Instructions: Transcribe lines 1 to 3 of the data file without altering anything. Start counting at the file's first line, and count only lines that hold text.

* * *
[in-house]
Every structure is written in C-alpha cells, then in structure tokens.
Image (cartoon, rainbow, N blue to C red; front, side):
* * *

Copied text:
[in-house]
Every structure is written in C-alpha cells, then in structure tokens.
Image (cartoon, rainbow, N blue to C red; front, side):